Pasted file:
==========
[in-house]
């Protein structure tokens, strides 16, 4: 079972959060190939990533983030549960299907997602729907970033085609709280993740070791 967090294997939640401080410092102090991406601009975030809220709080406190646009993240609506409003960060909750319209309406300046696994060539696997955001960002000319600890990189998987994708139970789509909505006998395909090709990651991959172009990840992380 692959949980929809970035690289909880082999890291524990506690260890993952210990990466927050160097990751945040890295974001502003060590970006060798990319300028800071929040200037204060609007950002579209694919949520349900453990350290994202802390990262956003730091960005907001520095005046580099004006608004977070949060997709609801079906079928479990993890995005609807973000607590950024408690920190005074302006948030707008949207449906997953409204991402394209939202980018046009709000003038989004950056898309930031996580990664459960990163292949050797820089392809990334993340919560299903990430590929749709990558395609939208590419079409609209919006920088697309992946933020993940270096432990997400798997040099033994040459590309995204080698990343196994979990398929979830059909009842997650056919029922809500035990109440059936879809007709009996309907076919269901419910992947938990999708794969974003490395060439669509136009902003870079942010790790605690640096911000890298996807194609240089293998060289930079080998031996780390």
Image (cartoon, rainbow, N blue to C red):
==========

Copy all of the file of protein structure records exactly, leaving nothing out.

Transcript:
[in-house]
């Protein structure tokens, strides 16, 4: 079972959060190939990533983030549960299907997602729907970033085609709280993740070791 967090294997939640401080410092102090991406601009975030809220709080406190646009993240609506409003960060909750319209309406300046696994060539696997955001960002000319600890990189998987994708139970789509909505006998395909090709990651991959172009990840992380 692959949980929809970035690289909880082999890291524990506690260890993952210990990466927050160097990751945040890295974001502003060590970006060798990319300028800071929040200037204060609007950002579209694919949520349900453990350290994202802390990262956003730091960005907001520095005046580099004006608004977070949060997709609801079906079928479990993890995005609807973000607590950024408690920190005074302006948030707008949207449906997953409204991402394209939202980018046009709000003038989004950056898309930031996580990664459960990163292949050797820089392809990334993340919560299903990430590929749709990558395609939208590419079409609209919006920088697309992946933020993940270096432990997400798997040099033994040459590309995204080698990343196994979990398929979830059909009842997650056919029922809500035990109440059936879809007709009996309907076919269901419910992947938990999708794969974003490395060439669509136009902003870079942010790790605690640096911000890298996807194609240089293998060289930079080998031996780390």
Image (cartoon, rainbow, N blue to C red):